This piece by Lauren Laverne was great. But seeing clubland’s virtue in terms of economic growth is misguided.
I have millennial friends, five to ten years younger than me, and they all seem to live like monks. They work very hard, drink little and don’t touch illegal drugs. They find the prospect of going to a club abhorrent. Our twentysomething experiences are radically different for a relatively small age gap.
My ex, a 90s clubland stalwart who saw the emergence of the scene out of the M25 raves, always maintained that alcohol was the great enemy of clubs. When Ministry of Sound got a licensed bar, the whole vibe shifted overnight, he said, from something communal and transcendent into a business. Ecstasy posed a huge threat to pub culture and alcohol revenue, and the brewers responded to the wave of new clubs by providing drinks aimed squarely at the club crowds: lurid sugary alcopops and watery import beers.
The impact of this on the atmosphere inside was insidious – they turned back into the meat market discos he had always sought to avoid in the 80s, and women began to stay away. The absence of women in a queue, he said, was a red flag for a bad club. On balance, I think he was right.
I only started clubbing in the late 90s and didn’t take any drugs for the first few years but, without knowing it, for we’d leaf through Time Out and try to intuit which club would be most fun and, critically, finish late so we could jump on the first train out of Charing Cross to Kent in time for Saturday morning school, we seemed to alight on the ones where people didn’t drink and took E instead.
As seventeen-year-old girls this made it possible to go out and be safe in the crowd. Men who drank were leery, sleazy, sexualising the space. Clubs where people took E were light, bright and about the music. You didn’t get hit on, and the only time we got approached was when people mistook our youthful exuberance for chemicals they hoped to acquire. Once the lights came up and it was time to leave, we’d wander through Soho at dawn hoping to avoid the drunks, who on one occasion stalked us all the way to Leicester Square, where we barricaded ourselves in the phone box until a couple of kindly gay men on their way to Heaven offered to walk us to the station.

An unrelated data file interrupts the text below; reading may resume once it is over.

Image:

My ex thought the brewers were slowly winning the battle, bemoaning his twentysomething employees’ proclivity for pubs over clubs. The Psychoactive Substances Act and our bizarre belief that the alcohol industry will magically choose to self-regulate seems to back that notion up. It certainly seems to be the case in London, where my sense of FOMO from the Welsh marches has gradually withered away.
It is hard to have spontaneous, experimental scenes of any sort when physical space to put them in is in short supply – Berlin developed its nightlife by virtue of being underpopulated for many years. Going back after a ten-year hiatus recently, I was struck by how money, a disproportionate tourist population and booze was moving in on Berlin’s clubland. Parasitic entities can last a while before full strangulation occurs, but the soul of it was already fading fast.
That said, I think there might be hope elsewhere in Britain. My best nights out in this country have been in the basement of a Paisley curry house and at Salford’s exceptional Islington Mill. In Paisley I chatted to the German DJs, who expressed surprise that they never seemed to play in London. ‘It’s odd,’ one of them said, ‘it’s a huge city but it’s as though it doesn’t have much of an identifiable techno scene.’
That was a while back, just before the boom in EU migration to London filled its clubs with young people who had grown up in continental cities where they do do techno, but it still seems to be the case that London clubland is driven by the need to run a profit to cover the cost of the space, and the profits come from bars and the music that works for a drinking audience has a different, less upbeat quality.
In Berlin twelve years ago, it was always quite fun watching the middle-class students from posh western German cities like Düsseldorf or Hamburg or Munich in the queue for clubs. They dressed up for the occasion, a massive door policy error, and couldn’t understand that the aura of money worked against them there.
Clubland has always thrived, paradoxically, in the absence of money, and certainly in the absence of big money. When the money moves in, turning land into property, forcing the expansion of bars that can turn a profit on wet margins, it slowly sucks the fun out of the whole affair. Money and its agent, booze, is what’s killing it – and so much emergent culture – in London. It’s time, at least in Britain, that we looked to the North instead.